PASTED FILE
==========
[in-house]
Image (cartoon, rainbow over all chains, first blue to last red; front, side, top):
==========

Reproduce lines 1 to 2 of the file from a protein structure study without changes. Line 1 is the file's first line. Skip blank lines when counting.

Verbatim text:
[in-house]
Image (cartoon, rainbow over all chains, first blue to last red; front, side, top):